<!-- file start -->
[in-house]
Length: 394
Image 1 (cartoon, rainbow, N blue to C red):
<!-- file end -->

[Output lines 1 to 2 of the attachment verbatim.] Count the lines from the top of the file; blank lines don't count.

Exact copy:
[in-house]
Length: 394